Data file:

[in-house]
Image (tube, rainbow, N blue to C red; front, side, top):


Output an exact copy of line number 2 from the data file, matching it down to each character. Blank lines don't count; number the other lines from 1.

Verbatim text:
Image (tube, rainbow, N blue to C red; front, side, top):